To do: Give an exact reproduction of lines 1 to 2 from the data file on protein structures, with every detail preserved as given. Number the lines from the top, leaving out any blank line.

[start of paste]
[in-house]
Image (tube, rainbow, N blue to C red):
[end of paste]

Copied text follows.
[in-house]
Image (tube, rainbow, N blue to C red):